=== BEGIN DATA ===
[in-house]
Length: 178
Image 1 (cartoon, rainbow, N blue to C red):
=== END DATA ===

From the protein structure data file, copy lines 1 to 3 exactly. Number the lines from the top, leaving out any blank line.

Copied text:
[in-house]
Length: 178
Image 1 (cartoon, rainbow, N blue to C red):